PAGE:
The chairman of the Suez Canal Authority has suggested a possible mistake by the captain of a container ship as the reason why the massive vessel became stuck in the vital international waterway in late March.
"Maybe the captain made a mistake in a specific (operation) request, such as the rudder or speed, which could have led to that," Osama Rabie said in a recent interview, in reference to the skipper of the 400-meter-long, 220,000-ton Ever Given.
The Panama-flagged vessel, owned by Japanese ship-leasing company Shoei Kisen Kaisha Ltd. and operated by Taiwan's Evergreen Marine Corp., became wedged in the canal on March 23, causing disruption to global traffic, before it was finally freed six days later.
Even though a Suez Canal Authority guide was aboard the Ever Given, Rabie said the authority bears no responsibility for the incident, which he has estimated could incur more than $1 billion in damages.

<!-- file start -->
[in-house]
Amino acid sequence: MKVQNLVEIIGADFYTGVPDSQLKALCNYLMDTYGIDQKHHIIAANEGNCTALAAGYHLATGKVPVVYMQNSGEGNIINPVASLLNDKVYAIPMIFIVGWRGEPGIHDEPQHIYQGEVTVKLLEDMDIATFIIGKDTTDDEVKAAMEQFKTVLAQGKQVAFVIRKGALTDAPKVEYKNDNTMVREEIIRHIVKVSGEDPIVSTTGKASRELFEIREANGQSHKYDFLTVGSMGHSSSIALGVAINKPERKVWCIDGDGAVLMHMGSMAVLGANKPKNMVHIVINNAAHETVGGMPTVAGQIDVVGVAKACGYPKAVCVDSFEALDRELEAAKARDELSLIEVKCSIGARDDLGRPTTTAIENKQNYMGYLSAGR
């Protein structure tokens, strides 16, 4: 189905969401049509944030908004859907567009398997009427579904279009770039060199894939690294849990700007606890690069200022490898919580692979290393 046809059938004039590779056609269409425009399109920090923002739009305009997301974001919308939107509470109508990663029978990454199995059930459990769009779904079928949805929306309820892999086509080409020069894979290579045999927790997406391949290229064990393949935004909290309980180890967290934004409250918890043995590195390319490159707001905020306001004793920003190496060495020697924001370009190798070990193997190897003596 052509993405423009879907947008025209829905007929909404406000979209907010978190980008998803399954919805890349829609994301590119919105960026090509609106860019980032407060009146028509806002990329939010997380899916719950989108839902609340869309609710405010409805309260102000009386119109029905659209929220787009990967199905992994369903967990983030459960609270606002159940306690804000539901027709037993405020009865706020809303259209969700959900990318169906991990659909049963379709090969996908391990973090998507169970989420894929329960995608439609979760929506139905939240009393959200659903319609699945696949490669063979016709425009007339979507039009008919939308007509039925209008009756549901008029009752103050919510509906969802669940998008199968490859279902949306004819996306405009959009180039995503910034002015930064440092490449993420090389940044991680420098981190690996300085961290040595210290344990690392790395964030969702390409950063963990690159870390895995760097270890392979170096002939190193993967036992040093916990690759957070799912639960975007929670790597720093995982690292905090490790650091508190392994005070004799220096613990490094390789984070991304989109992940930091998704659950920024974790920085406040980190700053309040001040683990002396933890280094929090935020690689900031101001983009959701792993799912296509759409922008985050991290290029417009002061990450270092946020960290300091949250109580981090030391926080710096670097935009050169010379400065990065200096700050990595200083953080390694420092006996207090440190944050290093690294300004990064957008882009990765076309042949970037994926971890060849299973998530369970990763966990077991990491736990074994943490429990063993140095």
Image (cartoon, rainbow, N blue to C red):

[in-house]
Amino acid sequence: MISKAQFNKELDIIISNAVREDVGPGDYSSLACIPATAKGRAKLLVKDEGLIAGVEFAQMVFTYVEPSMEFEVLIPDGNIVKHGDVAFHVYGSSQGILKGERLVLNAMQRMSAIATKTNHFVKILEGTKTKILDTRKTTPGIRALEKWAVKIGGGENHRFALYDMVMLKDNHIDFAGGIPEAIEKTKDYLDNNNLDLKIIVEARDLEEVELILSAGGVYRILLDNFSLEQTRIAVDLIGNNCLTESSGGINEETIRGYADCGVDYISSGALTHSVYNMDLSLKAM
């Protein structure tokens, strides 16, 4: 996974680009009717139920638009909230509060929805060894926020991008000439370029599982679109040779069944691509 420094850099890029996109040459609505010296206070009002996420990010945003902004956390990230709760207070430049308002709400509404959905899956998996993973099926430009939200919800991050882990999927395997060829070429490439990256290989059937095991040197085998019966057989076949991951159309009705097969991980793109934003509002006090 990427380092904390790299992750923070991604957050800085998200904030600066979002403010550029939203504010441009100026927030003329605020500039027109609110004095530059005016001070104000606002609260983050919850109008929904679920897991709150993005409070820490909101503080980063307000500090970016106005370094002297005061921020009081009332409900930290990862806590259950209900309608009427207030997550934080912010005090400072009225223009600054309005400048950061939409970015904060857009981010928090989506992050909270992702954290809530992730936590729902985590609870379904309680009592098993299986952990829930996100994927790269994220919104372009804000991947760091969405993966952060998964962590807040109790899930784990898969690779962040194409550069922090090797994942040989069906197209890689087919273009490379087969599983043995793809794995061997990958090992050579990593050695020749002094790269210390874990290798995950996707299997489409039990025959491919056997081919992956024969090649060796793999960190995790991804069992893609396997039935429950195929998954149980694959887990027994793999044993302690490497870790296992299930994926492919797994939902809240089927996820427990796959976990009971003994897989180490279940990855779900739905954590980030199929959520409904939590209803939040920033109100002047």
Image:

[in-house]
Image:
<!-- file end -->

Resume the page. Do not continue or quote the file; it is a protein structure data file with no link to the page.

The guide has "a consultative role" but the captain "is responsible for (operations of) the ship," he said, speaking in Arabic.
"Even when orders are issued by the guide, the captain has the right to change them or use any route or speed other than what the guide says," Rabie said. "There was no error or responsibility on the part of the Suez Canal."
The chairman, however, did not touch on the issue of compensation.
The blockage forced more than 400 ships to stall in and around the canal, one of the world's heaviest shipping lanes linking the Mediterranean and the Red Sea.
Rabie dismissed strong winds as the main reason for the incident.
An investigation has started into why the Ever Given became stuck in the canal. The ship was on its way to Rotterdam in the Netherlands from China.